The (Second Half of the) Year in Pictures

Some of my designs for Ultimat Vodka Holiday Campaign
One of five San Francisco venues for Ultimat events in November/December
Very special commission
Commission: walnut ink, watercolor and Finetec gold
Zig Posterman pen on chalkboard fabric
Chalk on display board

Tooled gold leaf
JJ Monogram, pen and ink
JLM monogram, pen and ink
CMS monogram, pencil sketch
Gouache, gold leaf, ink on hotpress watercolor
Piece done in Risa Gettler's Visigothic Versals class; ink,
watercolor pencil,  Finetec gold

Silk Purse from Sow's Ear

So after four-plus years of Blackletter classes at Atelier Gargoyle, I had acquired an impressive pile of butcher paper practice sheets that it seemed wrong to throw away.  One of my classmates had suggested I use them for wrapping paper, which was fun and different--very cute when tied with string.  For some reason I thought to grab a few sheets as I went out the door to an evening collage class with the inimitable Anna Corba, incongruously but delightfully being held at Knitterly, a favorite local yarn store.  We were provided with kits and lots of boxes of ephemera to dig through, and I thought my walnut-inked specimens were a nice contrast to the image elements.  (Don't look too closely at the letterforms, Linnea & Ward--the sheets are really old, okay?  That's my story anyway.)

We made collages on two pieces of matboard, then coated them with melted beeswax, which gave them surprising depth and dimension.  The covers were assembled with the notebook elements and bound together with ribbon.

 A fun project and a nice mid-week escape!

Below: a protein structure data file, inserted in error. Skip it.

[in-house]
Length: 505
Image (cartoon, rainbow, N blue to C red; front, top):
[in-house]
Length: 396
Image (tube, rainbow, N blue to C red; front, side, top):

Walnut-Covered Chocolate

This was a homework piece for Ward Dunham & Linnea Lundquist's monthly "Black Sabbath" class at their wonderful studio, Atelier Gargoyle. The assignment was to write one word all in Gothic caps--something you'd probably never want to do in the real world. It was an exercise in spacing, and legibility be damned! Considering my choice of word, walnut ink was the obvious medium.

Paperweight of the World

I'm always looking for little gifty ideas that involve calligraphy, and this was a pretty simple one. I purchased crystal dome paperweight blanks, which come with pre-glued felt ready to finish off the bottom. A few strokes of the pen with walnut and gold ink, a pretty coin from Buenos Aires, and I had a little keepsake to give a fellow traveler. The same company sells glass coaster blanks as well.

Grandes Dames de la Musique

Quotations from these two remarkable women, both female orchestra conductor pioneers in the 1930s, inspired pieces that celebrate their talent and wit. The photocopied images were transferred with xylene (though nowadays I would use Citra-Solv, which is less toxic and smells way better--see their artists' site with all kinds of amazing ideas here), and the calligraphy was done in walnut ink. The hands are copperplate and Roman miniscule. Both were done with pointed pen, and the originals are about 12" x 18".

Spreading a Little Sunshine (Tutorial)

Our dear neighbor Virginia had some surgery recently and was feeling under the weather, and the weather has been gloomy enough for weeks. So I decided to make a card she could enjoy while she recuperates, using a simple format so it would stand up on her table. These used to be available for purchase blank, with the cuts and scoring for folds all done, but I haven't seen them for years. Luckily, before I used my last one, I had made a template with those sheets of gridded plastic quilters use.

I wrote a simple message to her on the middle part in my best Spencerian, with walnut ink with gold details on the flourishes...

...then made the simple cuts and scored the folds for fitting it together.

I added a dab of sealing wax, tied it with twine and tucked it into pretty orchid from the farmers' market. Hope it brought her a little cheer!

Here's a drawing of the template, with all the measurements.
Or, you could just copy this and enlarge it--in theory it will work at any size. I've marked the cuts and the outside folds; the rest of the folds fall midway between the cuts. [Note: It might look as if you could use the piece you've cut from the middle of the frame for the other part, but you can't. It needs to be a little larger.]
Have fun with this !